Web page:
Bill and Matt Ransom clearly are experts and take their work seriously, but there was plenty of good-natured ribbing between the father and son when The Chronicle peeked into their cloistered workspace on the 8th floor elevator lobby of the University of Michigan Hospital. When Matt poked his father with a tape measure while Bill was slathering tile mud on the wall – Bill just kept on working.
The Ransoms were installing an 8×10-foot mural designed by Motawi Tileworks, one of 14 “Tile Quilts” – each one unique – that the hospital has commissioned from Motawi since 2005. It’s a project that started out small but has now become a signature part of the building, and a kind of artful wayfinding system for patients and visitors.
The Chronicle heard about the recent installations at an Ann Arbor Public Art Commission meeting, when commissioner Elaine Sims reported to the group that another set of murals was going up in January. Sims is director of the Gifts of Art program at the University of Michigan Health System, which is responsible for the project.
Colleen Crawley, project designer for Motawi, said that Sims had originally contacted the Scio Township firm about doing murals just in the two first-floor elevator lobbies. Motawi’s original proposal was for custom-made murals, which turned out to be too high for the Gifts of Art budget. “But we didn’t give up,” Crawley said.
Instead of walking away when their proposal was turned down, Motawi designers looked at making a collage out of their standard tile designs to reduce costs. They also shrank the mural and added a foot-wide border of small, less expensive glass tiles around the outside edge. Crawley said they surprised Sims by returning with a new, lower-priced bid – one that got an enthusiastic approval.
Over the years, Gifts of Art has expanded the project. In 2006, Motawi murals went up in the second-floor elevator lobbies. Murals in the fourth and fifth floors were added in 2008, and this year they’re being installed on floors six through eight. There are proposals in the works for additional pairs in the basement level and ninth floor, but those haven’t been approved yet, Crawley said.
Both Crawley and Carrie McClintock, the Gifts of Art communications coordinator, mentioned the practical qualities of these ceramic-tile murals. The tile is extremely durable – almost indestructible, Crawley said, and can be easily cleaned by wiping off the surface. (This also makes them popular for places like the Ann Arbor District Library’s Pittsfield branch, the Ann Arbor YMCA and Ann Arbor Hands-On Museum, where Motawi murals are also installed.)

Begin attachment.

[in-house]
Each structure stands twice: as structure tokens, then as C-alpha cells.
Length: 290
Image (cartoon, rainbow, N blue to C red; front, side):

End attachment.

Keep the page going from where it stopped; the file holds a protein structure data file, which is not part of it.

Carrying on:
McClintock, who was also The Chronicle’s guide through the hospital (no free-range journalists are allowed on the premises), noted how tactile the murals are, and how patients like to touch them. That’s an advantage over other types of art, which are typically framed and behind glass or in a display case. A letter sent to Motawi from Lisa Danielson, an educational nurse coordinator at the hospital, makes this point explicitly (Danielson gave permission to quote the letter, excerpted here):
I work on an Acute Adult Rehabilitation unit. Most of the patients rely on a wheelchair for their mobility to get from one floor to the other for treatments and therapy. Your works are strategically placed at an accessible level for them to see and touch. I have observed many patients and visitors, adults and children, viewing and feeling the art work you created. I cannot tell you how moved I am when I see this interaction happen. It is a wonderful thing in life when something comes together so beautifully and completely.
The Ransoms, via their Ransom Ceramic Tile business, are Motawi’s go-to installers in the Ann Arbor area – they’ve done all of the hospital murals. By Friday morning, they had placed all the ceramic tiles but hadn’t yet grouted. When The Chronicle arrived, they were putting up the small blocks of glass tiles in the border, which 28-year-old Matt described as a bit of a pain to install. They come in sheets about a foot square, held together by paper adhered to the part of the tile that faces out. The timing is tricky: You apply the mortar (called mud) to the wall, then press the square of tiles into place. You have to wait until it sets a bit – if you peel off the paper backing too soon, the glass tiles will slide off. If you peel it off too late, the mud will have hardened and you won’t be able to shift the tiles into place, if they aren’t aligned.
This work is done out of the public eye: A plastic tarp creates a small workspace around the mural, and a device outside the zippered entry filters air to minimize impact on the patient floors. It’s not for the claustrophobic.
So what does it cost to build a mural like this? Crawley said in general, Motawi murals cost roughly $400 a square foot. Matt Ransom had a tip for potential customers who like the tiles but need a lower-priced option: Motawi’s semi-annual sales are one popular way to find bargains, but Ransom also pointed out that the firm’s seconds room (also known as the Bone Yard) is open year-round.